Franco Zeffirelli was a master charmer - no wonder we all fell for his Romeo and Juliet

His take on Shakespeare’s tragedy tapped the zeitgeist, but Zeffirelli’s whole body of work pulsated with an irresistible camp and romanticism

Franco Zeffirelli was the mainstream maestro of high culture on screens big and small who dashingly made his international movie reputation with an exuberant and accessible adaptation of Romeo and Juliet in 1968; this had some pretty trad doublet-and-hose stuff and featured the syrupy “Love” theme composed for the film by Nino Rota which was to become notorious as the music for Simon Bates’s regular tearjerking Our Tune feature on Radio One.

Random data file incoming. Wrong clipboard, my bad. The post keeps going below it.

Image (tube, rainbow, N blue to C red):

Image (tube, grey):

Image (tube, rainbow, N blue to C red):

But there were also muscular and athletic performances from a bright-eyed young cast, vigorous and enjoyable playing all round and bold location work. The year before, Zeffirelli had directed Richard Burton and Liz Taylor in another Shakespeare adaptation: The Taming of the Shrew: clever casting of course, but it was the honeyglow-sunlit romanticism of

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